Maria adapted Stephen’s prayers before bed at night to include saying what he is grateful for, to foster more meaningful conversation rather than just having it be something he had memorized. Maria said those things he’s grateful for lately are the soccer field and his teammates.
Maria wants everyone to know that Stephen can and should be held accountable for his behavior and that he was taught to behave like any other seventh grader. She encourages everyone in his life, like teachers and assistants, to hold him to the same level.
Maria cited an example of people saying “Hello, Stephen” and Stephen continuing to walk by without responding because he sometimes needs time to process. Many people will ignore this and say, “It’s OK,” in an effort to be polite, but Maria says she needs the help of her community at times like this.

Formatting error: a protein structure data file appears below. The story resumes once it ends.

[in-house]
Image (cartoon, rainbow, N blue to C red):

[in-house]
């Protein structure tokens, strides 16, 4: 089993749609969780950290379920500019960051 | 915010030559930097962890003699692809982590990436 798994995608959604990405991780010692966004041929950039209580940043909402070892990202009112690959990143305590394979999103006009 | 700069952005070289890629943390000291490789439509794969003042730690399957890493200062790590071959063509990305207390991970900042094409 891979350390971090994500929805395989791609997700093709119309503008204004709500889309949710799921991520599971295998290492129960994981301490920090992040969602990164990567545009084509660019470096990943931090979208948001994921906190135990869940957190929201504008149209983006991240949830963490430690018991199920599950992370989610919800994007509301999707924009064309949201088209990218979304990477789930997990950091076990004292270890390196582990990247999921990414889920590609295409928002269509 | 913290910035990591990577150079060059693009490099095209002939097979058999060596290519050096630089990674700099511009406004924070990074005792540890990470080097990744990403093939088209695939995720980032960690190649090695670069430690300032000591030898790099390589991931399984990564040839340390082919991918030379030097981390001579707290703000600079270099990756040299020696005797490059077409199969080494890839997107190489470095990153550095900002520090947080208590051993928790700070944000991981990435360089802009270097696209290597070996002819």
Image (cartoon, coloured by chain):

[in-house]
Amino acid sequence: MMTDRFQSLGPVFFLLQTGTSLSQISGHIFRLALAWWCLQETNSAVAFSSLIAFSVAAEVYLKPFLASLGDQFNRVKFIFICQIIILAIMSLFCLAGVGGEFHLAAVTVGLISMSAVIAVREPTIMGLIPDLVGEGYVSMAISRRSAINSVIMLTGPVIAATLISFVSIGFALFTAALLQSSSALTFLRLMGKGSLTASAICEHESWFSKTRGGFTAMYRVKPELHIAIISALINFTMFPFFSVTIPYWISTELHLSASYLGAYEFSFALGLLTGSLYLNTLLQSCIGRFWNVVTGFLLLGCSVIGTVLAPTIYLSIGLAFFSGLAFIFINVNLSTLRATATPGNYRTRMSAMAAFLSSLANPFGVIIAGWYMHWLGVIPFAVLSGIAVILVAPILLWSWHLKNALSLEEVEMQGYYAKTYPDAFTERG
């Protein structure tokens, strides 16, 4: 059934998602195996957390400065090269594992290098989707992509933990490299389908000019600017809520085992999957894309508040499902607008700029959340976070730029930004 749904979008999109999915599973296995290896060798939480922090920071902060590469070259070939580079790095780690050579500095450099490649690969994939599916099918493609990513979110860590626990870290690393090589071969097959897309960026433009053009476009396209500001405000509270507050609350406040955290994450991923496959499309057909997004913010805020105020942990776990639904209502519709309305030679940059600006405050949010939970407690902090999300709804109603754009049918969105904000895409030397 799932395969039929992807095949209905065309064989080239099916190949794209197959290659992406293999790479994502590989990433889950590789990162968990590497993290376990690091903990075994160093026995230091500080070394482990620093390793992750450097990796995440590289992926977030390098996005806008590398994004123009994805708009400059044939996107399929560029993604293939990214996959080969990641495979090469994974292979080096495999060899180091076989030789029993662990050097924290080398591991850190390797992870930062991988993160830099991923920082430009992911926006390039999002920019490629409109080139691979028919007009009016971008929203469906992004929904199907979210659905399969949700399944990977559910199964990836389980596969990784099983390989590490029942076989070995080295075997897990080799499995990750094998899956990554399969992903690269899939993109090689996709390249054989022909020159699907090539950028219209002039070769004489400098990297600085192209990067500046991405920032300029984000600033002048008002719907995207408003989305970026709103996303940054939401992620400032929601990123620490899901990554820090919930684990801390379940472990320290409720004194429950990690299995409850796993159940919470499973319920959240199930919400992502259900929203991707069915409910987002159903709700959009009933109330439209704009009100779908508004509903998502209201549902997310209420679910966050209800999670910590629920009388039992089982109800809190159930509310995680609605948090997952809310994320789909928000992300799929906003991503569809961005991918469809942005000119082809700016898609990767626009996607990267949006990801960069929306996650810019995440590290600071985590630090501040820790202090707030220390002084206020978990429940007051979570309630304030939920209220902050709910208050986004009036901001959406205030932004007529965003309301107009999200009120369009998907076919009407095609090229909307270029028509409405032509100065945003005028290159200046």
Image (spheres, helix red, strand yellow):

“No, it’s not OK. He says, ‘Please.’ He says thank you. He opens doors. So hold him accountable,” she explained. “If you don’t hold him accountable, how do you help?” Where is my village?
Cummins is also quick to dispel any myths about autism spectrum disorders, citing a simple and powerful phrase often used by parents of autistic children.
“If you’ve met an autistic child, then you’ve met an autistic child.”
“It’s not Rainman,” she added.
Maria is however proud to mention some of Stephen’s talents. Stephen has perfect pitch recognition, which he takes advantage of to play the xylophone in the school orchestra, and he is taking voice lessons. Maria also mentioned his love of computers and how he learns coding. The plan is for him to assimilate everything and be able to teach sixth graders soon.
As well as 12-year-old Stephen, Maria also has a 5-year-old son, James. Her husband, Jim, who played 15 years in the NHL, is now on the road, often scouting for the Calgary Flames.
Hopefully, Maria finds some comfort in knowing that her first-born exhibits many qualities not seen in many children of the same age.
“If he’s into something, he’s really into it,” she said. “He’s going all out, which is great. He doesn’t let go. He doesn’t leave anything half done, which is really beautiful.
Maria Cummins is not raising an exceptional young man with autism – she is just raising an exceptional young man.